Motherhood: the importance of community
Don’t navigate the journey of new motherhood alone. Communities can offer support.
An eager mutt on a leash was anxious to explore the park’s wooded trail, his attempts to propel forward in vain. His master had stopped. The man, presumably a young father, stood next to a flushed-faced young woman with a cloth backpack straining her shoulders and a small, ruddy-faced baby in her arms. As my young-adult daughter and I passed them on our walk, I overheard the couple discussing the shortest route back to their car. It was August.
Quickly, my mind unreeled a tape of August two decades ago. In my memory, I could feel every sensation she probably felt, as if it were my own again. The backpack overloaded and adding much unwanted heat to my fatigued body. The clammy baby, also heavy and hot, in my arms. My breasts, filling with milk waiting to be expressed into a warm, expedient suckling mouth.
August, almost 23 years ago, Grace was 2 months old and I was awakening to the need for community. Quickly, with a little networking, I formed the perfect group for us. Like the milk that sustained our infants, we six mothers sustained each other with friendship and joint navigation of our own new paths through the woods of motherhood. It wasn’t so much about getting our children together but connecting, sharing and communing with each other at the launch of this exciting, life-changing and a bit perilous pilgrimage upon which we’d embarked.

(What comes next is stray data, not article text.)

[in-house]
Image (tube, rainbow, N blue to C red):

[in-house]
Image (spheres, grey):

By the time our babies reached age 3, we had begun traveling different routes, enrolling in different preschools nearest our homes scattered about town. Grace would be diagnosed with autism, and soon, elementary schools in different parts of town would further widen the separation. Soon, only two of us remained in Nashville. But I think back to 20-plus years ago and recall how formative those connections were for the early days of raising my daughter.
Community is important. If you are a new mother, reach out to find yours. This is not a journey to navigate alone.
Motherhood generates natural bonds for women, but for some, creating relationships isn’t easy. Maybe it’s even a bit scary. Please push on through those fears. There’s manna out there. A lifeline, even. I promise.
It may take a few tries to find a group that suits you. For me, it was important to find people with common ideas. I reached back to women I’d met at birthing classes and prenatal yoga, or those I was meeting at La Leche League meetings. For others, simply being a new mother is the only needed connector. Mothers’ groups can be found in local newspapers or magazines and online, or through “mommy and me” classes.
One of my mothering friends Anne said back then (and the truth still holds):
“You don’t realize how good it feels to have mother-to-mother support and what you’ve been missing, until you find it.”
My mothering community was a priceless gift that still gives. Seriously, I continually unwrap and treasure mine after all these years. It gave me a foundation of support and confidence I could not have mustered going at it alone. Motherhood is meant to be experienced in community.
This post was written by author-blogger-speaker, Leisa A. Hammett, While the days of frequent nursing and cradling a hot, clammy baby are remote history, Hammett is still helping foster community with the creation of a pending 501(c)3 nonprofit social enterprise, called Art Tank, for artists with disabilities.